Digital Twins in manufacturing

The benefits of digital twins can be realised across a whole range of areas and industries. This ranges from the design phase, through manufacturing, operations and logistics, to (predictive) maintenance.

At the conceptualisation and design stage of an asset, advanced simulation and CAD software can help with engineering and decision making. This can be achieved by the intelligent optimisation of parts and part interactions using known future process and production data.  The as- designed model and its information can be sent through to the manufacturing stages where it can be used to optimize the production efficiency using integrated and connected machines and toolsets. Because machining and processing simulations can be done before and during the production process, the number of rejected products can be reduced. Next to that, feedback loops can be setup to make changes in real time to further optimise production.

In-service representation of the digital twin offers additional advantages. It can give instant, accurate feedback and status of how a asset is performing in its environment. The goal and benefits that can be realised at this stage are numerous and almost limitless depending on the context. Examples include avoiding interruptions to system operation, virtual testing and simulation of changes in production, optimising operating efficiencies and predicting future wear or critical failure due to changes in environmental conditions. This also allows for a feedback loop to the design of the asset and optimization of future product.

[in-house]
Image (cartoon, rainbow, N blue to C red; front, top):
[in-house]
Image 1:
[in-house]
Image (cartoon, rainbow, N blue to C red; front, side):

Maintenance and serviceability can be enhanced with the assistance of the digital twin. The digital twin can represent complex systems and simplify the maintenance process by identifying the areas of interest for maintenance. Next to that, a notification system can alert when possible failure might occur.  It can use measured data to enhance predictive maintenance, picking up on operating parameter changes to simulate wear across time scales to again reduce downtime and failures. Furthermore, it allows for incorporation of the maintenance data into the design phase. Making the future products easier to maintain and service.

Digital Twins are developed across various industries in a range of capacities. A digital twin is a valuable addition when it is applied to a valuable (expensive or important) assets. Such as aircraft engines, production lines, wind turbines, where for example breakdown causes high impact. Through digitalization the integration of existing models and information through digital twinning has become the new standard. It allows to combine, compare and correlate the information through feedback loops that flow through the phases of the product life cycle. Therefore, digital twinning enables enhanced value capture across many domains.

For more information and to find out where a Digital Twin can give value to your Industry 4.0 manufacturing operations, contact AM Center through the link below.